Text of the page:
14 March 2012
Rafea, a wife and mother of four, lives in a poor Bedouin village in Jordan. A trip to India to learn how to install solar panels brings new economic opportunity to Rafea, and the promise of raising the standard of living in villages all over Jordan.
More than 1 billion people in the world today live in poverty, according to the United Nations. The vast majority are women, most of whom live in developing countries. A critical factor in eradicating world poverty, says the UN, is empowering women.
Teaching women to harness the sun’s power to produce energy presents a unique solution to help achieve both of these goals.
Solar Sister’s reach extends to three countries, benefiting 143 entrepreneurs and bringing solar light to 17,605 people.
Rafea’s story is the subject of “Solar Mamas,” a documentary film that follows three women who leave their respective remote villages in Africa and the Middle East to attend India’s Barefoot College to learn more about solar engineering and help their communities combat the energy crisis.
It’s also a story that’s becoming more common as the connections between empowering women, creating sustainable communities and promoting economic growth become more apparent.
“The way to go about this is not a centralized grid system, which brings in power from hundreds of miles away. It is to bring in basic light right down to the level of basic household wherein they take ownership and control over that technology,” Barefoot College founder Sanjit “Bunker” Roy told CNN. Roy started the college in 1972, and it has since trained hundreds of women as solar engineers. “So why not invest in women, older women, mature women, gutsy women who have roots in the village and train them.”
Also, in remote, rural areas with limited infrastructure and year-round sun, solar-powered energy makes more sense than using traditional fossil fuels.
The Sunderbans, covering parts of India and Bangladesh, is another such area, cut off from the rest of world, which suffers from chronic energy shortage and low socio-economic development because of its remote and difficult landscape.
Situated in the southern region of Gangetic West Bengal, the Sunderbans is a part of the world’s largest delta formed by the rivers Ganges, Brahmaputra and Meghna. The 19-block area is separated from the mainland, and from other blocks, by wide rivers and creeks. Roads and railways are scarce—there are only 42km of rail and 280km of metalled road in the entire inhabited area, about 4444.33 sq km—and the rough terrain makes it difficult to install high-tension transmission line.
About 20% of the area’s population, approximately 216,000 people, use solar PV electricity.
TERI (The Energy and Resources Institute, North America) has been working with women in this region for almost a decade, partnering with the state government and NGOs, to promote solar PV. To date, six women have become solar entrepreneurs, renting solar lanterns, designing electronic items and repairing solar home systems, among other businesses. Not only do these new business ventures provide energy for the community and financial independence for the women, it also gives the women a newfound pride derived from their newly developed solar skills.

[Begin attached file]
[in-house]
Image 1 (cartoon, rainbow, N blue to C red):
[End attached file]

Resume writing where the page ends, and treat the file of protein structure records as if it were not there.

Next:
The UN estimates that around 1.5 billion people worldwide live without electricity, 70% of whom are women and girls in developing nations. They spend hours collecting wood for cooking and heating, and rely on kerosene lanterns or candles for light. Because the women’s domain is the home—they care for and educate children, cook and manage the household—women and girls consistently breathe toxic fumes from kerosene. UC Berkeley researchers found the odds of having tuberculosis were more than nine times greater for women using kerosene lamps for indoor lighting, rather than electricity, and 3.5 times greater for women using biomass fuel for household heating, compared to those using cleaning-burning fuel stoves, according to a 2010 study published in "Environmental Health Perspectives." In addition, they have a greater likelihood of inhaling smoke or suffering injury or death from a lamp fire.
In addition to being dangerous, kerosene is expensive. Solar Sister says the rural poor can spend up to 30% of their family income on kerosene.
This is where organizations like Solar Sister and FlexiWay Solar Solutions come in. “Women need the light the most,” says FlexiWay Solar Solutions, which works with local groups, NGOs and charities to distribute its solar-powered LED lights and replace kerosene lamps in Tanzania.
Business in a bag
Solar Sister takes it a step further, providing rural women with a “business in a bag,” inventory, training and marketing support to start solar micro-enterprise businesses. Solar lamps replace the kerosene lanterns and solar cell phone chargers provide connectivity in even the most energy poor communities. It uses a business model similar to Avon or Mary Kay in the US, but with clean energy technology instead of makeup, providing income for women and light for their communities. To date, Solar Sister’s reach extends to three countries, benefiting 143 entrepreneurs and bringing solar light to 17,605 people.
The World Bank’s “World Development Report 2012: Gender Equality and Development” report argues that closing the gender gap matters because gender equality is a core development objective in its own right. “But it is also smart economics,” it says. “Greater gender equality can enhance productivity, improve development outcomes for the next generation, and make institutions more representative.” As more communities and organizations turn to solar to empower women and shed light on economic and community development, the sky’s—or the sun’s—the limit.
Written by Jessica Lyons Hardcastle, News Editor, Solar Novus Today